Bushfire Impact: Affected Stocks

By Tim Boreham | More Articles by Tim Boreham

Charred and singed ASX-listed stocks count the cost of the bushfire catastrophe.

With the prolonged bushfire crisis now abated thanks to the efforts of Mother Nature and tireless firefighters, now’s the time for investors to ponder the effect of the nation’s biggest firestorm on their listed exposures.

In terms of direct ramifications, a handful of stocks have emerged singed, if not charred and have already pointed to significant asset damage and/or loss of revenue. Of course the insurers will bear the brunt of the costs, which economists put at anywhere between $5bn and $100bn.

At the last reckoning, affected property owners had lodged 8500 claims worth $700 million, with this tally certain to rise. But the impost for the insurers is likely to be less than an equivalent ‘lesser’ event such a major vehicle-denting urban hailstorm or cyclone.

This is because most of the bushfires damage happened in sparsely-populated communities or national parks.

In early January Pure-play insurer Insurance Australia Group ((IAG)) pointed to a total ‘natural perils’ bill of $400m for the December half, mainly attributable to the fires. Bancassurer Suncorp Group ((SUN)) estimates a tab of $315-345m. Bear in mind that the insurers pass on much of the risk through complex reinsurance arrangements.

Utility companies – notably the owners of the ‘poles and wires’ assets — have not escaped unscathed. But as Standard & Poor’s notes, the damage is likely to be insured and minor compared with the value of their total coverage.

We’re yet to hear from the Victorian based AusNet Services ((AST)), the main listed ‘poles and wires’ exemplar.

In the small cap retail sector, Mosaic Brands ((MOZ)) (formerly Noni B) disclosed that its half-year earnings would be affected because 8% of its 1386 stores were in locations directly affected by the fires, with 32% in regional areas “where consumer confidence has been particularly fragile.”

Mosaic shares plunged -16% in response to the surprise admission.

Super Retail Group ((SUL)) chimed in with news that turnover within its ‘outdoorsy’ BCF (Boating Camping Fishing) and Macpac divisions had fallen in a heap as the NSW fires raged in the last two months of the December half.

Also the owner of the Super Cheap Auto and Rebel outlets, the company guided to first half underlying earnings of $114m, down -8%.

The owner of the nation’s biggest campervan rental fleet, Apollo Tourism and Leisure ((ATL)) said it would be “challenging” to reach last year’s $14.7m profit, after domestic last-minute bookings dried up.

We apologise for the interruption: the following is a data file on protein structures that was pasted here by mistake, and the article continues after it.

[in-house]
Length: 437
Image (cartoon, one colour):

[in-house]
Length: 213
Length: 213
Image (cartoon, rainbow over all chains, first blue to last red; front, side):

“The global media reporting of the Australian bushfires will also impact forward bookings,” the company intoned.

Arguably, the ASX-listed ‘biggest victim’ status goes to the Kangaroo Island Plantation Timbers ((KPT)) which saw 95% of its timber wiped out. The company is in voluntary suspension as management works out recovery strategies, such as turning fire damaged trees into much needed fence posts.

Kangaroo Island is also problematic for ferry operator Sealink Travel ((SLK)). While the company’s operations are well diversified these days, on RBC Capital Market’s estimates the company still derives 16% of core earnings from its legacy Kangaroo Island service. The company-owned Vivonne Lodge also was damaged and with the island’s koala population almost wiped out visitors are likely to be deterred for some time.

Sealink also faces dwindling patronage on its Captain Cook cruises, given most of Sydney’s famed monuments have been shrouded in smoke haze.

In the affordable accommodation sector, Ingenia Communities ((INA)) expects its earnings to be “materially affected” because of lower than forecast home sales at its Lake Conjola residential property on the NSW south coast, on which two houses were lost.

Ingenia also operates three holiday resorts and expects a -$2m revenue hit from loss of trade (this is likely to be covered by insurance).

Rival operator Aspen Group ((APZ)) has two resorts on the southern coast and expects a -$500,000 loss of net operating income.